Bibliophilism

Paper Towns

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When I first discovered John Green it was when I read Looking for Alaska. I really enjoyed that book and looked forward to read more of his work. That was when I discovered Paper Towns, a story about childhood friends named Quentin “Q” Jacobsen and Margo Roth Spiegelman.

The story started when Q was telling the story of how he met Margo who just recently moved in next door. And that was the start when his boring and dull life begin to turn upside down. Margo was this energetic and spunky girl who always want’s adventure. It was all fun and games until that fated day when the two found a dead body.

So flash forward to high school. As they grew older the two started to drift apart, Margo became part of the cool kids in school while Quentin became part of the not-so-popular group. They haven’t talked to each other until one night Margo came up to Q’s bedroom window to ask for help in doing some things. It was a night filled with fun and adventure. Q thought that it would change the way things were for him and Margo that they would be close again like when they were young (because he has a thing for her). So imagine his surprise that after their night that’s filled with excitement Margo decided to vanish.

The plot focused on Quentin and his friend’s quest deciphering Margo’s clues that might lead them to her. Those clues are the main driving force that would make you want to read more. It really gives you the impression to know more about Margo. What drove her to do it? What’s on her mind? Does she know about Quentin’s feelings? The trail of questions go on and on but all of that will be answered at the end.

The protagonist has this two friends named Ben Starling and Marcus “Radar” Lincoln who helped him in searching and deciphering the clues that Margo left behind. Ben was irritating yet funny at times (you’ll understand upon reading) but he added extra drama to the story. And then there was the other best friend Radar, whose more reasonable and the intellectual type in the group. In the latter part of the book Lacey Pemberton, Margo’s best friend joined in on the group to help them search. These three really did a big part in the story not in the sense that they’re needed for the plot but in the sense of what the story is trying to convey.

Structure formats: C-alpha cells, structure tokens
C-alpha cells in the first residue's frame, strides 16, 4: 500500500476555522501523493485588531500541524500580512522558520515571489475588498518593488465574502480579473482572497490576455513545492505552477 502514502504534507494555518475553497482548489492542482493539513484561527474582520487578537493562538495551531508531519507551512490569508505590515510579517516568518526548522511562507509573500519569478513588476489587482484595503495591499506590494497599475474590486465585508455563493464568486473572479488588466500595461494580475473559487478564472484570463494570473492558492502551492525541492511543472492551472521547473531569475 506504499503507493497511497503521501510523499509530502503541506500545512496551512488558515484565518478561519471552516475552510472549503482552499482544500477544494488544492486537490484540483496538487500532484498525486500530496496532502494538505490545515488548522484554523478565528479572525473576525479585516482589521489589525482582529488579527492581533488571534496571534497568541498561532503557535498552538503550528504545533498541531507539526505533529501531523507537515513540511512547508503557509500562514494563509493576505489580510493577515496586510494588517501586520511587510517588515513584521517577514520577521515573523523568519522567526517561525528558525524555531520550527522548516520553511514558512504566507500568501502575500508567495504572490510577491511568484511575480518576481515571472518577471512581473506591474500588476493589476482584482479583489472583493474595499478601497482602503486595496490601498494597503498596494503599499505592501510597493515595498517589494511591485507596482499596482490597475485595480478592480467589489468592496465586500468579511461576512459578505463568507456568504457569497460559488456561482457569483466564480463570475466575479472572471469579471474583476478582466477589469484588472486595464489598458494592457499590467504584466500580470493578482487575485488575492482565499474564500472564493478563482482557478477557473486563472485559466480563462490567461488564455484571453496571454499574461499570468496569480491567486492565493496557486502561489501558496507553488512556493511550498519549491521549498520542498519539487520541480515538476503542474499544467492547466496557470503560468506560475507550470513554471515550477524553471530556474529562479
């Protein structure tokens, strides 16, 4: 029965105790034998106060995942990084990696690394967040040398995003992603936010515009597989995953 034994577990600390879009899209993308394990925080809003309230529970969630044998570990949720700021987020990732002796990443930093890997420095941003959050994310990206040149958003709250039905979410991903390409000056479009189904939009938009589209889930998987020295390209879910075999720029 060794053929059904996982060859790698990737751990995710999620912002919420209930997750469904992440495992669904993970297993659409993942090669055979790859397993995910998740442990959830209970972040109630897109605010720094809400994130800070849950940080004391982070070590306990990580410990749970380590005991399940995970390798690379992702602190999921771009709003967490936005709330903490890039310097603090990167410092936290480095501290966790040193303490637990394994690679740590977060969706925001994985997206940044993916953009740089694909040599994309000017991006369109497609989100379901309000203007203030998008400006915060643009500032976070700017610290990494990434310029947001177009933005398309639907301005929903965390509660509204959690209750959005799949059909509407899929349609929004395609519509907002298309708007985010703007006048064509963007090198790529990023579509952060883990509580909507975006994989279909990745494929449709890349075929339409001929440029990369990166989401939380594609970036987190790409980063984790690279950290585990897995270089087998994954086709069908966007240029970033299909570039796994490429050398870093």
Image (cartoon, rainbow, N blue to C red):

All throughout the book most of the things that we knew of Margo are from Quentin and that’s kind of make her sort of an idea rather than an actual character. And that’s where the three enters. All of them have different images of Margo in their minds and that made her more complex and interesting.

The story is divided in three sections The Strings, The Grass and The Vessel (respectively). Each section represents a metaphor that sets the atmosphere of the said sections. And I’ll leave it to you dear reader to understand the meaning behind those three. If I would choose, the part in which I was slightly bored it was The Grass section. That part is where the story kind of drags but still it is a good read. It just so happens that it pales in comparison to the first and last section.

Also there are so many great lines in this book that made it more engaging. To give you a whiff of it here are two of my most favorite lines from the book:

“It is so hard to leave—until you leave. And then it is the easiest goddamned thing in the world”

“It is easy to forget how full the world is of people, full to bursting, and each of them imaginable and consistently misimagined.”

Some might not like the ending of the book because it is kinda sad. But if you based it on how the story is going you would think that it really is its befitting end. You’d see the big picture and realize the meaning of all those metaphor that are recurring all through out the book.

In my own understanding I think that the book is tackling about a person’s individuality (Margo’s in the story because each character have different ideas of her). We can relate it on how we see others (celebrities, heroes, strangers, etc.), if we really don’t know a person we only see him/her as an idea. But if we look into someone, really look into someone and know him/her that’s the time we get to the realization that they are just like any other person out there.

I’m not going to drag this and spoil you the whole thing but I hoped this piqued your interest if you haven’t read this book. It really is a good and fun read (I can’t say the same for the movie though). The characters are relatable and I think you can gain something in reading this.

And lastly if there’s one thing I’m really sure. Quentin might not get the ending that he wanted but Margo taught him how to live she might have done it unconsciously, but she surely taught him. And yes we all have that one person that will come or came in our lives. A game changer of sorts that would change the way on how we do things.

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